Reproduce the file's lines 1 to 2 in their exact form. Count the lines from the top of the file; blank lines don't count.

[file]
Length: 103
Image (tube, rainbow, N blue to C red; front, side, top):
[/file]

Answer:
Length: 103
Image (tube, rainbow, N blue to C red; front, side, top):